Migration Rights

In both business circles and computer science, a topic of lively discussion today is the issue of migration rights.  To be able to go from one virtual world to another is not currently possible.  Technically, legally, and economically I cannot transfer Maxrohn from World of Warcraft into Second Life.  It is possible to move a WoW character between two of the roughly 500 identical copies of the world hosted by different server computers, which are called realms.  In January 2008, I paid $25, which struck me as an entirely reasonable fee, to move him from the Shandris realm to the Earthen Ring realm, so he could have a duel to the death against Catullus, who was already there.  Similarly, I paid $25 to move Catullus from one WoW account to another - while keeping him on the same realm - so he could interact with his bride, Lunette, because only one character can be online from a single account at any given time.  Second Life does possess a World of Warcraft area, where fans have duplicated some of WoW's architecture, but WoW and SL are about as different technically as they could possibly be, so there is no easy way to let Maxrohn meet Interviewer Wilber.  Writing in the New York Times, Steve Lohr suggests that this may change in the near future:

Virtual worlds may be freewheeling environments where cyber-behavior is unconstrained by many terrestrial mores. But they are also gated communities, and the gates keep the digital denizens locked inside. I.B.M. and Linden Lab, the creator of Second Life, think it’s time to free the avatars... [T]he two companies are announcing plans to develop open standards that will allow avatars to roam from one virtual community to the next. The goal is let a person create a digital alter-ego that can travel to many virtual worlds, keeping the same name, look and even digital currency. The companies speak of “a truly interoperable 3D Internet.” Think of it as passports for avatars. So that pink-headed cutie you made for Second Life can also take up residence in There.com, The Lounge, Virtual Laguna Beach and Entropia, for example.[2]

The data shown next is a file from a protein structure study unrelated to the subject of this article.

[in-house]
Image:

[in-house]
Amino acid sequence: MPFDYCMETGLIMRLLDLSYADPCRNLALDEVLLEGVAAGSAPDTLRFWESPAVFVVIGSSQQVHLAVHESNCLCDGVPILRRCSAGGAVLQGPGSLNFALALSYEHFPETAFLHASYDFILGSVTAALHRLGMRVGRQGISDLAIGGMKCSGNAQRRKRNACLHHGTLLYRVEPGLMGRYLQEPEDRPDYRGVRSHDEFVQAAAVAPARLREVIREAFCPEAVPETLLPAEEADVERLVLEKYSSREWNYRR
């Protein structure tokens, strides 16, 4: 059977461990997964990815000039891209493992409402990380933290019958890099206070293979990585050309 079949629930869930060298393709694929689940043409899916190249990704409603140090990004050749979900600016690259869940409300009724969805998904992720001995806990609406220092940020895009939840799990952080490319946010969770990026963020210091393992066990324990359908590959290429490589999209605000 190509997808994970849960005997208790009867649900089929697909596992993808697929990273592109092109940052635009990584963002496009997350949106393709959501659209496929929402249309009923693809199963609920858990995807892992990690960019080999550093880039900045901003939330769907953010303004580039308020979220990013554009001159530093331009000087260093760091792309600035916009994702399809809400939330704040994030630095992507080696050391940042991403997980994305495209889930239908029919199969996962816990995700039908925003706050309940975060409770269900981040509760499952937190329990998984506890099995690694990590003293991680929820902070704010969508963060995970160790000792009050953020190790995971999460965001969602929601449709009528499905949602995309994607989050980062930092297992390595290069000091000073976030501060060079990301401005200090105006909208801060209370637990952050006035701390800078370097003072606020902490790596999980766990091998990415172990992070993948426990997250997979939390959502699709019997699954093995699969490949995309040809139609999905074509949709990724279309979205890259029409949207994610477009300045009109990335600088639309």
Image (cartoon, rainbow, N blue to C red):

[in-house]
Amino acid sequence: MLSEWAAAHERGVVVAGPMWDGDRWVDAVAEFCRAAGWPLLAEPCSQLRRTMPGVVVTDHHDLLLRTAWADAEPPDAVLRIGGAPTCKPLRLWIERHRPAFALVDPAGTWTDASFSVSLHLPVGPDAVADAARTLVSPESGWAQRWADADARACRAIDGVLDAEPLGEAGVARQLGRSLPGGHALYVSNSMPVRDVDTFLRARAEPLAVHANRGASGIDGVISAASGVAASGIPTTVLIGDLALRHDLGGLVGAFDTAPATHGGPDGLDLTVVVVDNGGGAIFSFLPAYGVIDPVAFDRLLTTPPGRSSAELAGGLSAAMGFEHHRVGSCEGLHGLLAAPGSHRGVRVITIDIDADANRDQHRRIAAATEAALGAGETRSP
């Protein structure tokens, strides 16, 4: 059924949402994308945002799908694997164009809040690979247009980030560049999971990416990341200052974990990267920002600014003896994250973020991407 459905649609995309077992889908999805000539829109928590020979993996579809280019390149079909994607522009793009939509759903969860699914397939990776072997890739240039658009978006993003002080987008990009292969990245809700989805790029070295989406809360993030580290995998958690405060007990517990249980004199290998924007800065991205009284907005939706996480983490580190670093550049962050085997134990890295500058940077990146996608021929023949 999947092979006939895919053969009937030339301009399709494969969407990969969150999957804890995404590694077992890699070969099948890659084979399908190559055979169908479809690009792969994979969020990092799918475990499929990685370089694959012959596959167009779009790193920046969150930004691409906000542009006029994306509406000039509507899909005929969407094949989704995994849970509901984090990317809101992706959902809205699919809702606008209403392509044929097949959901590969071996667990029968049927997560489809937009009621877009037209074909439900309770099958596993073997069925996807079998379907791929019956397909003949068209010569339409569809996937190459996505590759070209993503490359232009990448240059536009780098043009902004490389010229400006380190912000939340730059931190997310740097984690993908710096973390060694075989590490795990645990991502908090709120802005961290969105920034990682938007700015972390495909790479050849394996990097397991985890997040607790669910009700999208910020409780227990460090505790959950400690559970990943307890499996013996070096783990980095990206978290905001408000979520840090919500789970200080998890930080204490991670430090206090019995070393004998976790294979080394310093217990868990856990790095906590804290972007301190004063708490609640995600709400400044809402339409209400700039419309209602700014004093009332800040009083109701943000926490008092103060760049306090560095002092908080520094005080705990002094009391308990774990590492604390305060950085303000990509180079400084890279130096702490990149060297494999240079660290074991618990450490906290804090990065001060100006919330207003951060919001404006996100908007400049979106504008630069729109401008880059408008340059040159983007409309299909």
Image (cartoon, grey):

Realm changing in World of Warcraft became a very hot issue for me when I found myself organizing the first major scientific conference inside WoW, May 9-11, 2008.  The inspiration came from John Bohannon, who creates the monthly Gonzo Scientist feature for the highly respected publication, Science, who in turn was inspired by an article I wrote about the scientific potential of virtual worlds that had been featured on the cover of the journal.[3] I quickly invited all the scholars and scientists who had studied World of Warcraft, and began preparing my own resources.

The primary challenge for participants was how to establish an avatar belonging to the Horde faction in the Earthen Ring realm.  Many were experienced players, but their characters were on other realms. Not only would it cost $25 to move one over, but the character could not be moved back to its original home for 30 days.  The primary alternate was to create a new character in the Horde on Earthen Ring, which would not cost dollars if the participant already had a North American account, but could cost time and effort to develop the character through questing to give it the strength to travel to the different conference virtual locations.  Furthermore, the many European participants could not access the realm from their European accounts, and were forced to get additional North American accounts at a cost equivalent to about $55.  These are not huge sums, and much less than the cost of travel to a real-world conference, but still make the point that migration in virtual worlds is both costly and limited.